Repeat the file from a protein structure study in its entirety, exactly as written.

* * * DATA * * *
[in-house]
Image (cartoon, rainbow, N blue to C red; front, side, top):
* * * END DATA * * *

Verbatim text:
[in-house]
Image (cartoon, rainbow, N blue to C red; front, side, top):